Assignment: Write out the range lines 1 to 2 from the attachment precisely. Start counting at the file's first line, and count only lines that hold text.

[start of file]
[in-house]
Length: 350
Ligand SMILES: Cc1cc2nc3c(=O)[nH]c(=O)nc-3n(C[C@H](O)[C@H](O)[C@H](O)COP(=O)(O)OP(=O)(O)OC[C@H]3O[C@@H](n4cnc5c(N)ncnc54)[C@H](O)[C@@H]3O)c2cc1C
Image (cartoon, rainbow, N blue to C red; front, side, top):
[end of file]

[in-house]
Length: 350